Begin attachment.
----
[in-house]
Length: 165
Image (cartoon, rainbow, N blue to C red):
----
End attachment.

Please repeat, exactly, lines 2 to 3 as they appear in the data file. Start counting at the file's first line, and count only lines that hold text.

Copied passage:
Length: 165
Image (cartoon, rainbow, N blue to C red):